• 4 out of 54 out of 54 out of 54 out of 54 out of 5 K Anderson | 6/23/2012

    " This book was a suggestion on Amazon for those who liked "Einstein's dreams." Another interesting one. Short chapters that are good for before bed or to read out loud. Stories about the afterlife that make you think about how you live your life now.. "

  • 4 out of 54 out of 54 out of 54 out of 54 out of 5 Kendra | 4/13/2012

    " Funny stories about what happens after you die. "

  • 2 out of 52 out of 52 out of 52 out of 52 out of 5 Lasse Gravesen | 1/15/2012

    " Kindle version. Feels and reads like someone told a bunch of children to come up with stories about the afterlife which resulted in a bunch of pretty stupid and kind of silly stories without much insight. Didn't really enjoy this. "

  • 5 out of 55 out of 55 out of 55 out of 55 out of 5 Mauricio | 8/16/2011

    " Absolutely brilliant book. All stories are different and go for different results on the reader. All of them are, of course, quite witty. Most are hilarious, some are sad and a few are thought-provoking. "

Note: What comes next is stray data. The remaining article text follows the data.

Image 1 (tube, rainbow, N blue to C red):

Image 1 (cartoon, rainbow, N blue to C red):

• 4 out of 54 out of 54 out of 54 out of 54 out of 5 Jack | 6/30/2011

    " Very entertaining and thought provoking; fortunately for the subject matter (different possibilities for the afterlife), at times humorous. A good read that makes living in the moment seem more important than ever. "

  • 4 out of 54 out of 54 out of 54 out of 54 out of 5 Alexandra | 6/25/2011

    " Really great and thought provoking. It's a quick read; I read it in an hour. The only thing I'd say is I wish the author had changed the point of view a bit. "

  • 5 out of 55 out of 55 out of 55 out of 55 out of 5 Landry | 6/25/2011

    " An entertaining and thought-provoking look at where we might go when we die. "